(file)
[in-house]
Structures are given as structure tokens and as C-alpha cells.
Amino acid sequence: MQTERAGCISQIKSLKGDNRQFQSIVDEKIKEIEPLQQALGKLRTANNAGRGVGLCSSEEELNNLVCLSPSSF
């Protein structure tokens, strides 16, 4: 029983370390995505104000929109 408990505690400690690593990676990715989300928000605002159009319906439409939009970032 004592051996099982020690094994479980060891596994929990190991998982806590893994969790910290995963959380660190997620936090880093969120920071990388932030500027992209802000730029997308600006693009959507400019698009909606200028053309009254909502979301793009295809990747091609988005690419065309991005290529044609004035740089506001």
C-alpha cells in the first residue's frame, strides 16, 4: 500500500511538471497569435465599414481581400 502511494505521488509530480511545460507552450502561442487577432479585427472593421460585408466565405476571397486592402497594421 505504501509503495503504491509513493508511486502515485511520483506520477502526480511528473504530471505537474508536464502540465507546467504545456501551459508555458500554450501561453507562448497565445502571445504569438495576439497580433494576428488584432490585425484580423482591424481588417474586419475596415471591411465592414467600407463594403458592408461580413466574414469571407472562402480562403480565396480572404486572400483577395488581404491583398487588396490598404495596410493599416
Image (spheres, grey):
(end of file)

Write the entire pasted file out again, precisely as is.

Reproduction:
[in-house]
Structures are given as structure tokens and as C-alpha cells.
Amino acid sequence: MQTERAGCISQIKSLKGDNRQFQSIVDEKIKEIEPLQQALGKLRTANNAGRGVGLCSSEEELNNLVCLSPSSF
């Protein structure tokens, strides 16, 4: 029983370390995505104000929109 408990505690400690690593990676990715989300928000605002159009319906439409939009970032 004592051996099982020690094994479980060891596994929990190991998982806590893994969790910290995963959380660190997620936090880093969120920071990388932030500027992209802000730029997308600006693009959507400019698009909606200028053309009254909502979301793009295809990747091609988005690419065309991005290529044609004035740089506001």
C-alpha cells in the first residue's frame, strides 16, 4: 500500500511538471497569435465599414481581400 502511494505521488509530480511545460507552450502561442487577432479585427472593421460585408466565405476571397486592402497594421 505504501509503495503504491509513493508511486502515485511520483506520477502526480511528473504530471505537474508536464502540465507546467504545456501551459508555458500554450501561453507562448497565445502571445504569438495576439497580433494576428488584432490585425484580423482591424481588417474586419475596415471591411465592414467600407463594403458592408461580413466574414469571407472562402480562403480565396480572404486572400483577395488581404491583398487588396490598404495596410493599416
Image (spheres, grey):